Wednesday, September 18, 2013

The Burden and Need of Missions in Peru

After returning to Cusco after our last trip to the jungle and mountains, I have had a burden to share the need of missions in Peru.  The needs are tremendous here.  Pastors need training and accountability.  We are spread way to thin and cannot effectively disciple, mentor, and train pastors when we are so far away.  What we are doing now is similar to living in Montana and trying help a church plants in Seattle, WA and Casper, WY.  The pastors that we are working with want help and simple training like how a biblical church functions, the roles of men and women, basic doctrine, and countless other things.  Often we walk into a church and see many problems and we know the solutions but we are unable to help effectively because we are so far away.  We really believe that we must invest in these pastors by pouring everything into them; from teaching doctrine to modeling Christ-like behavior to demonstrating how a family should function.  These things cannot be done effectively by showing up for a week, four times a year.  We live here and find ourselves overwhelmed in trying to balance everything and be effective in our work.
We have found accountability problems when a national pastor is working by himself.  We have found that you really can't get to know someone without fully investing in a relationship with him.  Misconceptions and misunderstood expectations begin to develop.  A few mishandled problems or errors in teaching can cause a tremendous amount of problems very fast.  It is often misunderstood in the United States that you can just send money to support a national pastor, who can do the work for a lot less money.  This is a good idea if you can find a qualified, trained, pastor that you know very well and can trust but there are not as many as you would hope.  We need missionaries to live here and work together, on a daily basis, with the national pastors.  We need missionaries who can teach and model Christ as they work side by side with national brothers.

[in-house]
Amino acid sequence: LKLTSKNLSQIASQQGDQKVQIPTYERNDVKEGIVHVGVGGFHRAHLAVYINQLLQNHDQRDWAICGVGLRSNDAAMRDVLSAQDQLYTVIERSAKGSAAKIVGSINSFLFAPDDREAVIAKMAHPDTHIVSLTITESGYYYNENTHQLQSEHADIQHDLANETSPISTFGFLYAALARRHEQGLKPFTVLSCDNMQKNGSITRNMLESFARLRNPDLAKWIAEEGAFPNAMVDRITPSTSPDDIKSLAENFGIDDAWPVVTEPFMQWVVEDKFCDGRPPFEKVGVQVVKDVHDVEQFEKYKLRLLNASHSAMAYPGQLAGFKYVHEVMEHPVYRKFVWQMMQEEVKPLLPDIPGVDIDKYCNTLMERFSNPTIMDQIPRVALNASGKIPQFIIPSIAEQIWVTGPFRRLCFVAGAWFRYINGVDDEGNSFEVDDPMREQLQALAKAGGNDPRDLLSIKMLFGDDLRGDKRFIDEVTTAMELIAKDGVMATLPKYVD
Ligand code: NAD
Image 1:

We need qualified missionaries in Peru who are willing to uproot and surrender to a lifetime, not five years, of extremely hard work for the sake of the gospel.  It is very important that the missionary is qualified because an unqualified missionary will cause more problems than they could ever do good. We need missionaries that will take the time to be qualified.  This does not mean that they need to go to seminary.  They must sit under the eldership in their church in order to learn and mature in the faith in order to present themselves to God as one approved, a worker who has no need to be ashamed, rightly handling the word of truth (1 Timothy 2:15).
It does not matter from what country the missionaries come from.  I know some very good Peruvian brothers who are qualified and willing to do this work but it takes money to support them.  These guys are able to do the work far better than we can because the language and culture are not a barrier.  The problem is that there are so few of these men. 
We need qualified missionaries that are willing to give up the many comforts of their home country, their family, friends, money, insurance, safety, and security in exchange for a life of hard work, little comforts, separation from friends and family, frequent sickness, and unstable security and safety.  The missionary must also take years of his time to do the very hard work of learning a second and sometimes a third language.  He must be able to manage all these new stresses and hold a family together at the same time.  He must be able to learn and adapt to multiple cultures. 
Not asking for much?  Jesus himself said, "Any one of you who does not renounce all that he has cannot be my disciple." To make things harder, even if this missionary exists and he commits to make this move today, he won't be able to start the work for 3 years and we needed him yesterday.  Even more rare is it to find someone who is willing and able to live with the tribal people and spend his life in the jungle.  But how useful would this be?  Training the tribal people, who are starving for the word of God, for a few weeks a year makes for a slow process in developing a biblical, self-replicating church.  But when you have people living, training, and bearing the burdens with them on a daily basis, this process rapidly increases. 
This is the need.  I could employ 20 families tomorrow if they exist.  The harvest is plentiful but the laborers truly are few.  What has world missions cost you?  Is Jesus worth it?  The labor is hard but the reward is sweet.  Jesus said, "Truly, I say to you, there is no one who has left house or brothers or sisters or mother or father or children or lands, for my sake and for the gospel, who will not receive a hundredfold now in this time, houses and brothers and sisters and mothers and children and lands, with persecutions, and in the age to come eternal life."